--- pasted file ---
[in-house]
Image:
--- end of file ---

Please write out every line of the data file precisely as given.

[in-house]
Image: